Of course, it’s in your best interest to work as hard as you can to keep those mistakes down to a minimum. By keeping track of the average number of errors in each new software release, you can identify areas in your workflow that could be improved. This may help you catch mistakes earlier in the process.

For example, you might realize that a new adding a new tool to your DevOps team’s arsenal can help your release smoother updates every time.

At the very least, tracking this metric provides an easy mechanism to determine whether your team is trending in the right direction, i.e., making fewer errors as time goes on.

4. Code Lines Per Update

The point of writing is to convey a point to your readers. Unless the author is getting paid per-word, writers should state their case in as little words as possible. The question is what day is it today? It’s not do you have any idea as to which 24-hour period we are currently in the middle of?

In the world of software development, the same maxim holds true. You don’t need 100 lines of code when a single line will do the same trick.

Keeping track of code lines per update can help you ensure that you are writing software efficiently. Depending on what your team’s workflows are like, you may be able to identify individual developers who are writing too many lines of code and have the more efficient coders give them a few pointers.

5. Rework Metrics

How many files does your team rework each month?

Developers don’t come cheap. The last thing you want to do is pay them to do the same work over and over again—whether that’s because someone did it incorrectly in the first place or because your team is struggling to communicate effectively.

Tracking rework metrics can help you make sure that the percent of rework your team does each month doesn’t increase in perpetuity. On the flipside, you may also be able to identify what you are doing that is decreasing rework. With that information on hand, you may be able to bake additional efficiencies into your development processes.

6. Frequently Changing Files

Track this metric to determine whether certain files are changing too frequently. If you find out that certain files are changing with each update, you may need to look into the issue a bit.

For example, you can determine why certain files are changing so often. Maybe it’s because developers aren’t sure of the requirements. Maybe it’s because there’s an issue with your testing and QA approach.

Whatever the case may be, this metric can help you add additional efficiencies into your development processes by reducing or eliminating duplicative work and rewriting inefficient code blocks as needed.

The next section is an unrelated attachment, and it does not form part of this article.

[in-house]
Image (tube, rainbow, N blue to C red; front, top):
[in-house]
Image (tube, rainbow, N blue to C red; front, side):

7. Root Causes for Late Delivery

As you optimize your release management workflows, everything should get more and more predictable.

Yet nobody can predict the future and nobody’s perfect. So things will invariably not go according to plan every now and again.

Configuration management lets you drill down into the root causes for late delivery.

Fingers crossed that you never run into any errors that slow down your releases. But in the event you do miss some deadlines, you may be able to start detecting a pattern as to why you are unable to meet them.

Armed with that information, you can begin working backward to identify what is causing delays and what you need to do to prevent that from happening in the future.

Are You Ready to Start Using Configuration Management?

Is your development team reaching its full potential and doing its best work? If not, it may be time to get started with configuration management. That way, you’ll be able to delight customers by meeting their expectations while avoiding downtime and increasing profitability.

And the best part? With the right tools in place, configuration management can largely be automated.

To learn more about how your DevOps team can integrate configuration management into their workflows to build better software more efficiently, take a look at Enov8.

Author Justin Reynolds

This post was written by Justin Reynolds. Justin is a freelance writer who enjoys telling stories about how technology, science, and creativity can help workers be more productive. In his spare time, he likes seeing or playing live music, hiking, and traveling.